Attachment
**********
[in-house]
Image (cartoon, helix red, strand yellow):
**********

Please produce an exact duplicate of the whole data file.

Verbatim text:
[in-house]
Image (cartoon, helix red, strand yellow):